Say What You Mean, Mean What You Say

I look around in the news and on my Facebook feed of kids destroying Lego displays, kids breaking museum exhibits, and talking back to parents as the public laughs and laughs.  Then, yesterday, because I try to stay away from the 24 hour news, I see that an ex-Stanford swimmer rapes an unconscious girl.

I am not sure whether to cry in despair, get sick to my stomach, or to just cut my family off from society.  I know we live in a sinful world, but, I am often overwhelmed at the thought of growing girls in a world that wrong is now right and right is now wrong.  It is not a job for the cowardly.  It is a constant job that is the most important job of all.  But, that is the problem.  America…we, as parents are not doing our job.

I have worn the hat of teacher, principal, and parent in the educational systems of America.  I have taught in public school and private school.  We continue to hold teachers at such a high accountable standard with unrealistic expectations to solve all the world’s problems, but the problem is parents.  How can we solve problems that parents are responsible for?  Parents….do your job!

Hold Your Kids Accountable

From the beginning, you teach your kids about the world.  You teach them how to love, you teach them respect, and you teach them the rules of the world.  (I speak this as a mom of 2 girls that do not have a disability, that is a completely different approach)  When your toddler throws himself on the floor, hold the line.  If you do not, you are teaching them that if you cry and throw yourself on the floor long enough, you get your way.  If you think a toddler temper tantrum is bad, it only gets worse.  And when you give in, you say, “You are in charge of the house.”

Our oldest daughter was VERY stubborn.  She would throw 2 hour throw yourself down on the floor temper tantrums at 2.5 when she did not get her way.  She even did it at her birthday party when she did not want ANYONE touching her swing set.  The birthday ended early, she went to her room and screamed.  I know psychologists might say, “Well, she was trying to tell you something.”  No, she was trying to get her way.  And I refuse to raise spoiled brats.  This daughter is still stubborn, we have focused her determination in many ways.  She is independent and determined when she sets a goal.  This was a process that happened over time as we held her accountable for her actions.

Say What You Mean and Mean What You Say

My youngest daughter’s first sentence was “No means no.”  Even though she did not listen and we thought we were going to have to create a Military Pre-School for her, we kept saying it.   Even at 13, we still have to say it.  “No means no.  I do not care how much you whine, complain, or sulk, the answer will still be no.”  We do not have to teach kids how to manipulate.   We do not have to teach kids to lie.  We do not have to teach kids to be selfish.

We do have to teach them how to be kind, how to be honest, and how to be giving.  We do this by modeling it ourselves.  We also do this by following through what we say we are going to do.  I often see parents give empty threats.  “If you do this, we are going to leave.”  But, the parents never leave.  The kids keep doing it and they learn quickly that mom and dad do not mean what they say.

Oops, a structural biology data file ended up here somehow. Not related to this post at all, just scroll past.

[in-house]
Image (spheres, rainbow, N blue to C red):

Think before you threaten, but make sure you follow through.  A conversation might go like this:

“I am giving you a warning right now to get yourself to stop __________ .  If you can not do that, we will __________________.  Do you understand?”

The next time it happened, I did exactly what I said I would do.  It did not take them long to understand that I say what I mean and I mean what I say.  Now, at age 13 or 14, I look them in the eye and say, “Try me.”  And they know.  They still try me and I still follow through.

Build a Relationship With Your Kids and That Means NOT Being Their Best Friend

My daughter was five when she looked at me and said, “You know my favorite part about getting in trouble?  When you take me in your arms and tell me what I did wrong, how much you love me, and what I can do to make it better.”

Discipline means teaching your kids.  I say this over and over to them, “I love you too much to allow you to act like this.  My job is to grow you to be the best you can be and that means that not allowing you to act like this.”  Over the course of time they know that loving them means growing them.  I give them the grace to grow, but when they do not improve themselves, I need to step in with boundaries.

I need to raise my kids to be able to step into this world, take their place in it, work hard and be independent.  They do not get there by me making excuses for them, keeping consequences from them, and keeping them happy.  Life is hard.  My job is to help them deal with life by growing their self control, responsibilities, and respect.  That process is draining as a parent.  This is a 24/7 job that will suck the life out of you.  Sometimes what you do will work and sometimes you will fail immensely.  This is how I show them the process.  I say to them, “You are not perfect.  I am not perfect.  Life is not perfect.  You are growing as a kid and I am growing as a parent.  We will not always get it right, but there is nothing you can do that will make me love you less and there is nothing you can do that will make me love you more.”  And by then, they know I say what I mean and mean what I say.



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